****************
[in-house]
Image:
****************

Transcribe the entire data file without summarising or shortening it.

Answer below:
[in-house]
Image: